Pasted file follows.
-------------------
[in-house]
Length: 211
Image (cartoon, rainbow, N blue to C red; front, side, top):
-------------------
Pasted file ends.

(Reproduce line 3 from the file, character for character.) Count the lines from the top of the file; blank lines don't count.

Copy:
Image (cartoon, rainbow, N blue to C red; front, side, top):